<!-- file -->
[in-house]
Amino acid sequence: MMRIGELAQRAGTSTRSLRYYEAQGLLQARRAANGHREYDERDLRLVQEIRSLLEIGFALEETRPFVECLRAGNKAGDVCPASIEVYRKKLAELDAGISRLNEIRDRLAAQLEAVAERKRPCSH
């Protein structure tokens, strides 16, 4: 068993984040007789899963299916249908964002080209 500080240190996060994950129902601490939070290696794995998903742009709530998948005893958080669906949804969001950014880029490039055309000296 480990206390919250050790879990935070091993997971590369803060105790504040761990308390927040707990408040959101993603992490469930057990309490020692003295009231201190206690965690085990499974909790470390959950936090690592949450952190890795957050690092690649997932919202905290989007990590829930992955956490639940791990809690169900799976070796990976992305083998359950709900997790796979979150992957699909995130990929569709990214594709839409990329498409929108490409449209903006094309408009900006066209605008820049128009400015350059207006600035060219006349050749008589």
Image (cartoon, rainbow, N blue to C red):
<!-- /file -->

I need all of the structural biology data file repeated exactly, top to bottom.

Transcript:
[in-house]
Amino acid sequence: MMRIGELAQRAGTSTRSLRYYEAQGLLQARRAANGHREYDERDLRLVQEIRSLLEIGFALEETRPFVECLRAGNKAGDVCPASIEVYRKKLAELDAGISRLNEIRDRLAAQLEAVAERKRPCSH
């Protein structure tokens, strides 16, 4: 068993984040007789899963299916249908964002080209 500080240190996060994950129902601490939070290696794995998903742009709530998948005893958080669906949804969001950014880029490039055309000296 480990206390919250050790879990935070091993997971590369803060105790504040761990308390927040707990408040959101993603992490469930057990309490020692003295009231201190206690965690085990499974909790470390959950936090690592949450952190890795957050690092690649997932919202905290989007990590829930992955956490639940791990809690169900799976070796990976992305083998359950709900997790796979979150992957699909995130990929569709990214594709839409990329498409929108490409449209903006094309408009900006066209605008820049128009400015350059207006600035060219006349050749008589």
Image (cartoon, rainbow, N blue to C red):